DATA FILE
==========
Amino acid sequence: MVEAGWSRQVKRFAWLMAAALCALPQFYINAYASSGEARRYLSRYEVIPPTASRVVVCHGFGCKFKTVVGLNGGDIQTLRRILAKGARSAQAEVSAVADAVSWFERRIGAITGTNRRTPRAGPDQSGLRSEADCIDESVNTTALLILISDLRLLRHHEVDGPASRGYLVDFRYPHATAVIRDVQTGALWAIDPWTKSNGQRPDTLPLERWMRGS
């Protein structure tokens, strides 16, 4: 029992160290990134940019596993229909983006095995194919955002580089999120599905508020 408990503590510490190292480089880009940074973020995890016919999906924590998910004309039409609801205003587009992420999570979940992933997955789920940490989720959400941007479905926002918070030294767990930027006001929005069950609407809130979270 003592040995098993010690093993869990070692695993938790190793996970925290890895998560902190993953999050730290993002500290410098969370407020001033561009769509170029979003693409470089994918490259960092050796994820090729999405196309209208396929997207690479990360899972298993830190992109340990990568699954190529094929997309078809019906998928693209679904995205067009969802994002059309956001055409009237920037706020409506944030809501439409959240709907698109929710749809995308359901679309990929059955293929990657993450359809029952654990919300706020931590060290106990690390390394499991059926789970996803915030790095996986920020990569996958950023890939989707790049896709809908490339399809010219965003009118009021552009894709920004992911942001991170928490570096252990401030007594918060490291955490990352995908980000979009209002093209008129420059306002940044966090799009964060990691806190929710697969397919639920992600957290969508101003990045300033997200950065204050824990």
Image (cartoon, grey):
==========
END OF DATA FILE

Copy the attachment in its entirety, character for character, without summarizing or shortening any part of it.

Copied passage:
Amino acid sequence: MVEAGWSRQVKRFAWLMAAALCALPQFYINAYASSGEARRYLSRYEVIPPTASRVVVCHGFGCKFKTVVGLNGGDIQTLRRILAKGARSAQAEVSAVADAVSWFERRIGAITGTNRRTPRAGPDQSGLRSEADCIDESVNTTALLILISDLRLLRHHEVDGPASRGYLVDFRYPHATAVIRDVQTGALWAIDPWTKSNGQRPDTLPLERWMRGS
């Protein structure tokens, strides 16, 4: 029992160290990134940019596993229909983006095995194919955002580089999120599905508020 408990503590510490190292480089880009940074973020995890016919999906924590998910004309039409609801205003587009992420999570979940992933997955789920940490989720959400941007479905926002918070030294767990930027006001929005069950609407809130979270 003592040995098993010690093993869990070692695993938790190793996970925290890895998560902190993953999050730290993002500290410098969370407020001033561009769509170029979003693409470089994918490259960092050796994820090729999405196309209208396929997207690479990360899972298993830190992109340990990568699954190529094929997309078809019906998928693209679904995205067009969802994002059309956001055409009237920037706020409506944030809501439409959240709907698109929710749809995308359901679309990929059955293929990657993450359809029952654990919300706020931590060290106990690390390394499991059926789970996803915030790095996986920020990569996958950023890939989707790049896709809908490339399809010219965003009118009021552009894709920004992911942001991170928490570096252990401030007594918060490291955490990352995908980000979009209002093209008129420059306002940044966090799009964060990691806190929710697969397919639920992600957290969508101003990045300033997200950065204050824990």
Image (cartoon, grey):